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A How to Guide: Planning the Perfect Jewish Wedding

February 9, 2012 4:55 pm 0 comments

A chupah, (the canopy under which a Jewish wedding is held), at the 6th and I synagogue in Washington D.C. Photo: wiki commons.

On my wedding day last fall, I was very nervous. My husband and I planned our celebration, to be held in Chicago, entirely on our own and all the way from Boston. We were also combining a Russian-Jewish family with a Sabra-Israeli family, and members of each took long flights to the U.S. for the wedding.

Needless to say, there were cultural and logistical difficulties from the start. Add to that the typical “Murphy’s Law” of weddings (our rabbi’s computer broke on the day, deleting all the notes he made for our ceremony)—and it was a stressful prologue to the big day.

While the actual wedding was ultimately a happy occasion, looking back, there were things I wish I had known or done differently to ease my stress during the planning stages.

JointMedia News Service decided to collect advice from a few brides to save future ones unnecessary angst. Follow their advice, and aside from potential technological glitches, your wedding day should be stress-free and extra special.

Hire a wedding planner: it will save you money

“We used a wedding planner, which I would highly recommend to other brides if you find the right one for you,” said Amy Beth Green Sayegh, an actuary from Chicago, Ill., who got married in August of 2010. Using the planner turned out to be cheaper, Sayegh said, because she was well acquainted with the vendor packages in the area, and knew how to get the biggest bang for the buck.

Sayegh saw the value of a planner’s experience first hand when she decided to select a photographer on her own. At their reception, the photographer wasn’t cooperative. He later refused to deliver on a promised photo-book and lost some of their pictures.

Make your friends and family more than just spectators…

Nurit Friedberg, a social worker from Cincinnati, Ohio, got married in June of last year. She said it’s important to involve both families in the celebration. “We accomplished this by inviting both of our rabbis to co-officiate…They were able to give us great advice on how to incorporate special details in the ceremony, such as my husband’s Zaidy’s tallit or my great-grandmother’s candlesticks.” For Friedberg’s ceremony, her grandmother wove the chuppah, her aunt created the ketubah, and family friends were involved in other aspects, such as playing the music. “Everything was more meaningful because it was created by someone we love,” she said.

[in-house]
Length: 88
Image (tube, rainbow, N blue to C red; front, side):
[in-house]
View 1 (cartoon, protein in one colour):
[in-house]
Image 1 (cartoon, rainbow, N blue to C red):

Yael Mazor-Garfinkle married her husband in July 2011 in Lawrence, Mass., and asked a close friend from cantorial school to officiate their wedding. “She took our vision for our ceremony and transformed it into a communal celebration.” The wedding processional was sung by the bride’s sister, the groom’s aunt, and the officiator, and was accompanied by the groom’s uncle on guitar. The couple also asked seven sets of loved ones to read personally written blessings.

… but be prepared for the ensuing difficulties

Still, sometimes incorporating different families into one celebration, and ultimately one life, can be difficult. Sayegh’s husband is Sephardic and a son of immigrant parents from Syria and Egypt. Initially her in-laws were worried about losing their son and it took time for everyone to establish a good relationship. “One thing my mother kept repeating, starting very early on in the process, was that weddings bring out the worst in people…be prepared for that,” she said.

Yael Mazor-Garfinkle married her husband in July 2011 in Lawrence, Mass., and asked a close friend from cantorial school to officiate their wedding. “She took our vision for our ceremony and transformed it into a communal celebration.” The wedding processional was sung by the bride’s sister, the groom’s aunt, and the officiator, and was accompanied by the groom’s uncle on guitar. The couple also asked seven sets of loved ones to read personally written blessings.

Remember, your wedding day is about YOU and your beloved; make it a day you will love

Alexander Polatsky and Inna Yalovetskaya from Phoenix, Ariz., got married in May of 2010 in an Orthodox ceremony, despite the fact that their families were mostly secular. “It was so hard to plan an Orthodox ceremony with parents who were so not into it. They knew nothing about it, they’ve never even seen one,” Yalovetskaya said. The bride’s mother found the experience especially stressful and weird, and had a minor emotional breakdown before the ceremony.

“We had a difficult time picking a rabbi who would want to do an Orthodox ceremony but would understand that the people would not be Orthodox and that the entire party hereafter would be held at La Mirage, which is a non-Kosher restaurant,” Polatsky also said. They also struggled to find an affordable kosher caterer to supply food just for those guests who require it.

At the end of the ceremony, the bride’s mother relaxed and decided she actually liked the wedding. “Make the wedding that you want to have for yourself and the one you want to remember. It’s ok if it’s the wedding that everyone else wants as long as it’s the wedding that you want.” At the same time “try to be nice and accommodating as possible because it supposed to be for the whole family,” Yalovetskaya said.

At my own wedding, everything ultimately came together into the most beautiful day of our lives. The rabbi somehow ad-libbed a wonderful chuppah ceremony, my parents got over “losing” their only daughter and I married my best friend.

As Sayegh beautifully said, “it’s your life together that’s important, and the marriage, not the wedding day.”

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